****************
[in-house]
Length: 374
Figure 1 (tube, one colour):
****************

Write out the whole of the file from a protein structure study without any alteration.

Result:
[in-house]
Length: 374
Figure 1 (tube, one colour):